The Social Security Administration made $1.3 billion in potentially improper disability payments to people who were believed to be employed when they were supposed to be unable to work, according to a Government Accountability Office report released Friday.
The Government Accountability Office estimated that the agency made the potential cash benefit overpayments to about 36,000 individuals from December 2010 to January 2013.
The numbers represent less than 1 percent of beneficiaries and less than 1 percent of disability payments made during the time frame. But GAO said the overpayments reveal weaknesses in Social Security's procedures for policing the system.
The precise number of individuals who received improper disability payments and the exact amount of improper payments made to those recipients cannot be determined without detailed case investigations, according to the report.
The report comes as Social Security's disability program faces a financial crisis. If Congress doesn't act, the trust fund that supports the disability program will run out of money in 2016, according to projections by Social Security's trustees. At that point, the system will collect only enough money in payroll taxes to pay 80 percent of benefits, triggering an automatic 20 percent cut in benefits.
Congress could redirect money from Social Security's much bigger retirement program to shore up the disability program, as it did in 1994. But that would worsen the finances of the retirement program, which is facing its own long-term financial problems.
"This report demonstrates just how little importance the Social Security Administration places on policing its disability rolls," said Sen. Tom Coburn of Oklahoma, the ranking Republican on the Senate Homeland Security and Governmental Affairs Committee. "SSA has known for years that it could prevent millions of dollars in improper disability payments using quarterly wage records, but chose not to."
Sen. Tom Carper, D-Del., chairman of the Senate Homeland Security and Governmental Affairs Committee, said the report offers common-sense steps that the Social Security Administration can take in order to avoid improper payments.
"However, if we're serious about preventing waste and fraud and ensuring that these critical benefits get to the people who need and deserve them, Congress must also do its part and provide needed resources and access to basic anti-fraud data to the Social Security Administration," Carper said.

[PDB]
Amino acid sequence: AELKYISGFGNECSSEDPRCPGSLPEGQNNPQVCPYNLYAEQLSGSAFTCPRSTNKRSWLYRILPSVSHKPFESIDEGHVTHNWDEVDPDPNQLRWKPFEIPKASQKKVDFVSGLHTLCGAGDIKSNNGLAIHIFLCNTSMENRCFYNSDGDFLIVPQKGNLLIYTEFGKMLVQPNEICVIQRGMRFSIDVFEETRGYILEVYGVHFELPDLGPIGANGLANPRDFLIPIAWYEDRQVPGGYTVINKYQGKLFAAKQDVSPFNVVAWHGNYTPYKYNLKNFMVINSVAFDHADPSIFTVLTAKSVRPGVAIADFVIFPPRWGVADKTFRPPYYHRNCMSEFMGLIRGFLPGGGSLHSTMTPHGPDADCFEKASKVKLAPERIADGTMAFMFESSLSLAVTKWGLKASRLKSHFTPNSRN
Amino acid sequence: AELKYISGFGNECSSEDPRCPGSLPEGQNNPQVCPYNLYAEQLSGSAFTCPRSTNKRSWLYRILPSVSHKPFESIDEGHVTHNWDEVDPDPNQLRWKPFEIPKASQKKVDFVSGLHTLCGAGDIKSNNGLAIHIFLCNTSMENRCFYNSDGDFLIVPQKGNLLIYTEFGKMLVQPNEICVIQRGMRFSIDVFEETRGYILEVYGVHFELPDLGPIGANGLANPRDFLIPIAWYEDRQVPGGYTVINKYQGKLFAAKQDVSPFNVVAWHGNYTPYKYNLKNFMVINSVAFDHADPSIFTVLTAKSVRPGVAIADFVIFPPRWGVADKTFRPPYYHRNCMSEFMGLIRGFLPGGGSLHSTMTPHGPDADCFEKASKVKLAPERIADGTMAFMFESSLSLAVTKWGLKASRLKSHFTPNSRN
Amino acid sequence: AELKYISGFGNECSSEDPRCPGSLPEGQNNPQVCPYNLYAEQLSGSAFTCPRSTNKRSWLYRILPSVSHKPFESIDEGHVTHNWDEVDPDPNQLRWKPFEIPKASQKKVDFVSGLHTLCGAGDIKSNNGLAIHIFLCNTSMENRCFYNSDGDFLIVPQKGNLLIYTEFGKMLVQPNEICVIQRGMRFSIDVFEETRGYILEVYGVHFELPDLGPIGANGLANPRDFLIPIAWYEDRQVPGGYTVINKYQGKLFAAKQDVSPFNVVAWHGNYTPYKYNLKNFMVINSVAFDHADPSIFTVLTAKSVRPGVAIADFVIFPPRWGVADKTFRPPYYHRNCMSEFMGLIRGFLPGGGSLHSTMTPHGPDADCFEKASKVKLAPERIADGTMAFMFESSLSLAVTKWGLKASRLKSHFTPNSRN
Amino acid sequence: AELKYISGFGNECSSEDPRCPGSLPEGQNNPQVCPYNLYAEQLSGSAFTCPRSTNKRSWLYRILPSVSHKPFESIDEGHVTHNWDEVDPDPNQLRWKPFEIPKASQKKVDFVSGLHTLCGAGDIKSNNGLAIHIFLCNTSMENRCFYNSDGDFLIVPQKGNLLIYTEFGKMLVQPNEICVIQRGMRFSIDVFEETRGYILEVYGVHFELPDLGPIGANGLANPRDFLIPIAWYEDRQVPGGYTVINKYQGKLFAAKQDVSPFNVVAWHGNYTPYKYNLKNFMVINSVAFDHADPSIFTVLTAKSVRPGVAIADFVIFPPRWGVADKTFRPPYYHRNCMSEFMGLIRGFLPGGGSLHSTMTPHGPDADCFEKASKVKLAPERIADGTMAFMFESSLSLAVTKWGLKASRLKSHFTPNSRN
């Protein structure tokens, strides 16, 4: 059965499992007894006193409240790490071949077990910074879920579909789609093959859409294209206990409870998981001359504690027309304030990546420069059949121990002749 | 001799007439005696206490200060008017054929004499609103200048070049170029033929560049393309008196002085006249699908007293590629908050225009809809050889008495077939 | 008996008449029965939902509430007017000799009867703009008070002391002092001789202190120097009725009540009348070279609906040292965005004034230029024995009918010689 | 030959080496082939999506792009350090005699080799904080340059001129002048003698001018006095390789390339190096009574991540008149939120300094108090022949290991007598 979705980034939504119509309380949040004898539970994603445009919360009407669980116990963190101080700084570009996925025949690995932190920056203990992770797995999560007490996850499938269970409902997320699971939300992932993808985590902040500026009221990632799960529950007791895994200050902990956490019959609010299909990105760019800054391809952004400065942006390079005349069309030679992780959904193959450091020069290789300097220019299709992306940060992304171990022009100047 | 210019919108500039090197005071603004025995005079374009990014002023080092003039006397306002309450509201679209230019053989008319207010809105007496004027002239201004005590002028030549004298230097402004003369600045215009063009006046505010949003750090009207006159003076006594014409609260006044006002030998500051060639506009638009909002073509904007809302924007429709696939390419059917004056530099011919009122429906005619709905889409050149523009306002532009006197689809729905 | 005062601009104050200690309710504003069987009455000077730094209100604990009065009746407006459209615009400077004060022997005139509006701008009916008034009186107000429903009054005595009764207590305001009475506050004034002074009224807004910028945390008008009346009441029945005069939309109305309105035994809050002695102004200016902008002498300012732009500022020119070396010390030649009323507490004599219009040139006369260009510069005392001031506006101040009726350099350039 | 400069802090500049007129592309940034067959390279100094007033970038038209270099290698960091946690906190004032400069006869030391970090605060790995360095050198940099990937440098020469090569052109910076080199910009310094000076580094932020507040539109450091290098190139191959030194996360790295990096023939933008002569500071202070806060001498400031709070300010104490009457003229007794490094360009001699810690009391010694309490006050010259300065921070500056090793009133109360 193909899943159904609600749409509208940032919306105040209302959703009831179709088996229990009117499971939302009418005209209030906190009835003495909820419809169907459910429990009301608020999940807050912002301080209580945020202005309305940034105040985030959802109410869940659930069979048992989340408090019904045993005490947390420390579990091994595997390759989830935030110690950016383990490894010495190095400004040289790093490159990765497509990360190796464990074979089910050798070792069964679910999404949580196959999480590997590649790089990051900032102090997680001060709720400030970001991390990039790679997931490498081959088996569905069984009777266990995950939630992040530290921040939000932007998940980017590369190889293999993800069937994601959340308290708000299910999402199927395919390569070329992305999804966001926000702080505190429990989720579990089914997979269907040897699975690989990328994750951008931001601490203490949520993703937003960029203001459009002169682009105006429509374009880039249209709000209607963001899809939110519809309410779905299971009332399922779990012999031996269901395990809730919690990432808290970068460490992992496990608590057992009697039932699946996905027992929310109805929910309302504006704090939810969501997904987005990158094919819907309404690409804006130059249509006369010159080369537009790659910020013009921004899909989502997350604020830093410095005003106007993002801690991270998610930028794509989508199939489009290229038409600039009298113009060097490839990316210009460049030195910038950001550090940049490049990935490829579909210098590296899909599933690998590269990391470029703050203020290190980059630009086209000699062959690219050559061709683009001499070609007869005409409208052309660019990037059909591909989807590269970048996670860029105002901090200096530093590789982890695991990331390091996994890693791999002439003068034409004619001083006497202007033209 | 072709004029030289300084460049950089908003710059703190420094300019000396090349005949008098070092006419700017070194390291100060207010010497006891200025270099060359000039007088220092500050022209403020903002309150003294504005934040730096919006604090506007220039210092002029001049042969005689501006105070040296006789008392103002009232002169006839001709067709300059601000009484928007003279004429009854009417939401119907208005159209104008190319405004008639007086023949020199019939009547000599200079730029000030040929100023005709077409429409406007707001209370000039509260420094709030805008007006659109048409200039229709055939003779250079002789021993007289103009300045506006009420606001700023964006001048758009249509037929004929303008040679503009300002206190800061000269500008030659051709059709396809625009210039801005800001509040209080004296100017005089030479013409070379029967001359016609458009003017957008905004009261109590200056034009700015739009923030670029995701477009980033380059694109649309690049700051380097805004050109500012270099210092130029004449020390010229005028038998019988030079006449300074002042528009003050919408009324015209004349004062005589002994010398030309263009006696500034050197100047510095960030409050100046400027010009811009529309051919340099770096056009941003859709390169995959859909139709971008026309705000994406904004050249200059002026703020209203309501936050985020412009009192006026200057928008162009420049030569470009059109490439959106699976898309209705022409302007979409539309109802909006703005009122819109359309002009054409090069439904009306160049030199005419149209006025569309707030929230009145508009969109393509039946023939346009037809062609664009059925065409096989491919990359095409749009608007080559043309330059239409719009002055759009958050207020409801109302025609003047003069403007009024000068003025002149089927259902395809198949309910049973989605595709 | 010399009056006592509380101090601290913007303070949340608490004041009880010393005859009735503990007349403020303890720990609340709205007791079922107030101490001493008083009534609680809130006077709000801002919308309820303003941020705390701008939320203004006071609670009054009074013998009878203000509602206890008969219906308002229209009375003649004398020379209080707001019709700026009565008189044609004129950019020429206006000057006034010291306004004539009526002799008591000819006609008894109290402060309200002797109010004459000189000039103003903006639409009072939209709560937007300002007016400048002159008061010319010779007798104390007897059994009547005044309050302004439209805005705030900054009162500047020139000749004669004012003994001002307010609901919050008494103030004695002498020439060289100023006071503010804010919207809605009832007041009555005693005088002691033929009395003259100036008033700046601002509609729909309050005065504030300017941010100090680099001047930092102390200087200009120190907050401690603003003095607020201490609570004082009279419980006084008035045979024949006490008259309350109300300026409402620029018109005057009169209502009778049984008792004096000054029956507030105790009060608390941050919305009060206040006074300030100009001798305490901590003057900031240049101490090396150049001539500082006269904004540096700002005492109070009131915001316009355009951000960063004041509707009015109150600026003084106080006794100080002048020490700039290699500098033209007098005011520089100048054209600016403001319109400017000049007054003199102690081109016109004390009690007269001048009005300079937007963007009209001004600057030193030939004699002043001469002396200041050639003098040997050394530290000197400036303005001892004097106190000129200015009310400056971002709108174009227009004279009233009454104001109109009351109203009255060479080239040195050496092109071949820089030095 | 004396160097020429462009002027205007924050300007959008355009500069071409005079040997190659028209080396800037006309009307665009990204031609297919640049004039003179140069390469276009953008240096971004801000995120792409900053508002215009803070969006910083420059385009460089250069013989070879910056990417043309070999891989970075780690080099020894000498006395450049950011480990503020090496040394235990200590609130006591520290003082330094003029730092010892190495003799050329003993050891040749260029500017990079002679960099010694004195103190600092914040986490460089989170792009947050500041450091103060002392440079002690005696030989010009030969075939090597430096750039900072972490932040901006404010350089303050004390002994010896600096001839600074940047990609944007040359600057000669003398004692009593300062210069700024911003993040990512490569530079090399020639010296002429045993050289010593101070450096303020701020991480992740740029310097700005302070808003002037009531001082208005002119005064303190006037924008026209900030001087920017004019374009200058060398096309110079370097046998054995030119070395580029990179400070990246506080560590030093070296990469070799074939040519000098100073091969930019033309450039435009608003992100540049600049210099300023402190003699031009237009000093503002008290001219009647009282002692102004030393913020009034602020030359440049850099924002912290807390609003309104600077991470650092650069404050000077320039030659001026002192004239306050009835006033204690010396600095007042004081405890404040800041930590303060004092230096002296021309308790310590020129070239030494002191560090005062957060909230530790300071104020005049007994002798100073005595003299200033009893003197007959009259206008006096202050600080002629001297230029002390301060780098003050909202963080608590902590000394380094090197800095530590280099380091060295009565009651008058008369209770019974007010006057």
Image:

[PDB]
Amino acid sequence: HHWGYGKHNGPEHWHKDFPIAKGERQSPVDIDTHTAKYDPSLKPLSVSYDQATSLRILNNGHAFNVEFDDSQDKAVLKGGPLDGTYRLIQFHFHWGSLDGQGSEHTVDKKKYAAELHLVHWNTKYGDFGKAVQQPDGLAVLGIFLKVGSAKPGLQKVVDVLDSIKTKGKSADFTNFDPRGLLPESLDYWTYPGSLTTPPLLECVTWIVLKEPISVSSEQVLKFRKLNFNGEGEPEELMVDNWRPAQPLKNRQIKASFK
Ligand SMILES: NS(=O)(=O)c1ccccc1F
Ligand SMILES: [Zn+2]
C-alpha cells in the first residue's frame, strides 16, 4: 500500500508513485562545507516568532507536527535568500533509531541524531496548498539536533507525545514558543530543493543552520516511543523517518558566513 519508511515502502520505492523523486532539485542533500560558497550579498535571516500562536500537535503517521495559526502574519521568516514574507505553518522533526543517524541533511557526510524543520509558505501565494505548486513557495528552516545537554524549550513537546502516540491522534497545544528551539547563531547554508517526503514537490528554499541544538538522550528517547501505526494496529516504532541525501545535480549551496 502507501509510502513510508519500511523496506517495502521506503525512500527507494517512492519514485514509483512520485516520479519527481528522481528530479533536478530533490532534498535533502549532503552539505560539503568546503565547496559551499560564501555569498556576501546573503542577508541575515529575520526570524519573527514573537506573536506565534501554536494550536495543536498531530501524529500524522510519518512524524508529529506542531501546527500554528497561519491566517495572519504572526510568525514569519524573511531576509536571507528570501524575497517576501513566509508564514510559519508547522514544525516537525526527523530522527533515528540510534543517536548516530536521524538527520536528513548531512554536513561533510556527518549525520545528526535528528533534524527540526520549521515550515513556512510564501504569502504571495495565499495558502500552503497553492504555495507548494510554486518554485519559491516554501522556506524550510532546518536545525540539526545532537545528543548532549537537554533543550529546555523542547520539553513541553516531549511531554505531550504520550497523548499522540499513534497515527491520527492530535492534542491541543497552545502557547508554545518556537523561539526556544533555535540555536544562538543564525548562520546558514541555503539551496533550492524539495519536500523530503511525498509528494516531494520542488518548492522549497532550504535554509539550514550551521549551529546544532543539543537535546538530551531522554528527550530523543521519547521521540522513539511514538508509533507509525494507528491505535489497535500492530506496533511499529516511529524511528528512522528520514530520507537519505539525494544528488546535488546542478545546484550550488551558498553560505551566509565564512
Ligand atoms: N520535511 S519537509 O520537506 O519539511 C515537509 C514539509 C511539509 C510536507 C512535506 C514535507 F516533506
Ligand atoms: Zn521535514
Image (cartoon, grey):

The Social Security Administration said its accuracy rate for disability payments is more than 99 percent. But the agency noted that even small errors translate into big numbers.
"We are planning to do an investigation, and we will recoup any improper payments from beneficiaries," Social Security spokesman Mark Hinkle said. "It is too soon to tell what caused these overpayments, but if we determine that fraud is involved, we will refer these cases to our office of the inspector general for investigation."
More than 8.2 million disabled workers received disability payments in December 2010, a figure that has grown to nearly 9 million. Last year, the agency paid out $137 billion in disability payments.
Before people can receive disability benefits, there is a 5-month waiting period in which they can, in general, earn no more than about $1,000 a month. The waiting period is to ensure that beneficiaries have long-term disabilities.
Using a federal wage database, investigators checked whether a sample of disability beneficiaries had worked and earned significant wages during the waiting period, the report said. They found that most of the improper payments went to people who worked during the five months they waited for payments to begin.
Once people start receiving benefits, they can return to work and still get benefits during a trial work period, in an attempt to re-enter the workforce. Using the same wage database, investigators checked whether another sample of disability beneficiaries earned significant wages after their trial work period had ended, the report said.
Based on their findings, the GAO estimated the amount of improper payments and the number of people receiving them.
Citing a potential weakness, the report said Social Security might not detect a person who worked during the waiting period if the period started in one year and ended in another. For example, if Social Security starts paying benefits in February, the agency might not detect significant wages earned the previous November because they weren't earned in the same year that benefits were awarded, the report said.
In a written response to the report, the Social Security Administration agency questioned whether GAO overestimated the amount of overpayments. The agency said investigators did not determine whether the work activity qualified as an unsuccessful attempt to return to work, or whether there were any other special circumstances.
The Associated Press contributed to this report.